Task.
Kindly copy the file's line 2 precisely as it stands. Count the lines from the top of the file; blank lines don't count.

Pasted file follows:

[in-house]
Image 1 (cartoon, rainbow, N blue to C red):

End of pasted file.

Image 1 (cartoon, rainbow, N blue to C red):